13/09/2018 07:19 BST | Updated 13/09/2018 13:50 BST

John Lewis Owners Report 99% Fall In Pre-Tax Profits

The chain is being hamstrung by its “never knowingly undersold” price-matching promise.

The John Lewis Partnership has revealed half-year profits crashed 98.8% as it battled against “challenging times” and the most promotional market for nearly a decade.

The owner of the department store chain and supermarket Waitrose posted underlying pre-tax profits of £1.2 million for the six months to 28 July.


It said profits at John Lewis & Partners have continued to be squeezed by strong competition as it moves to keep prices low despite inflation and has offered “unprecedented” levels of price matching through its Never Knowingly Undersold pledge.

The group reiterated warnings that it continues to expect profits in the full 2018-19 financial year to be “substantially lower”.

Sir Charlie Mayfield, chairman of the John Lewis Partnership, said: “These are challenging times in retail.”

He added the group was seeing the “most promotional market we’ve seen in almost a decade”, with other retailers discounting heavily.

“With the level of uncertainty facing consumers and the economy, in part due to ongoing Brexit negotiations, forecasting is particularly difficult but we continue to expect full-year profits to be substantially lower than last year for the Partnership as a whole,” he warned.

The firm – which recently rolled out the & Partners rebrand across the group – had alerted over profits at a strategy update in June, when it also said it would shut another four Waitrose convenience shops and a small supermarket, affecting around 200 staff.

The half-year results showed on a statutory basis, pre-tax profits slumped 80.5% to £6 million.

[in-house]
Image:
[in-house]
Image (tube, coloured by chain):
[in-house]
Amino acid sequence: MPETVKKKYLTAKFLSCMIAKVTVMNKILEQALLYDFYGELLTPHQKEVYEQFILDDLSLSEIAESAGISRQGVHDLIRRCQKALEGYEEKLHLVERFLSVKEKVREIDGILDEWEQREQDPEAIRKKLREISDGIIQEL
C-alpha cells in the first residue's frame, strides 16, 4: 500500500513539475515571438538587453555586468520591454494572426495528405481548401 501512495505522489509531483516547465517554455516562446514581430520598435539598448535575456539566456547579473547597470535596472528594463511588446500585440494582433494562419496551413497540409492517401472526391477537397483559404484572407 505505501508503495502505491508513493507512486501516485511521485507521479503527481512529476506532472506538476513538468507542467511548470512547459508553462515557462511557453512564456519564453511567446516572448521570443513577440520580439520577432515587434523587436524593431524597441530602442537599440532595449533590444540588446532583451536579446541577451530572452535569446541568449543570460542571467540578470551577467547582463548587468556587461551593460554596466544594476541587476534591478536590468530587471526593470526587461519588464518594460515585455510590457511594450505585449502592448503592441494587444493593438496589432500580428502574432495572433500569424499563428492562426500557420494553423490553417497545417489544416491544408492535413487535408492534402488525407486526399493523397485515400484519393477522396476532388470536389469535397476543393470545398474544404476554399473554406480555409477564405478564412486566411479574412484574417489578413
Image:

John Lewis department stores slumped to an underling operating loss of £19.2 million from earnings of £54.4 million a year earlier.

Like-for-like sales at the chain fell 1.2%.

This offset a better performance at Waitrose, which remained in profit albeit down 12.2% at £96.4 million on an underlying basis.

Like-for-like sales rose 2.6% at the supermarket, thanks to a marked improvement in the second quarter, with the grocery chain on track for a full-year trading profit.

Sir Charlie said the group expects profit growth in Waitrose to continue to be offset by the squeeze at John Lewis.

But he pledged to continue with plans to invest in the group – at a rate of £400 million to £500 million a year – despite the pressures on its profits to drive long-term growth.

“This will take a lot of hard work from all of our partners, but we are confident in our commitment, drive and ability to deliver the partnership’s strategy,” he said.

But there was better news for Morrisons which is shelling out extra cash to shareholders after sales growth hit a nine-year high in the second quarter.

The grocery group announced plans to pay out £91 million to investors after raising its total interim dividend 2p, or 132%, to 3.85p.

That is despite having logged a 29% fall in pre-tax profits to £142 million for the six months to August 5, down from £200 million during the same period last year.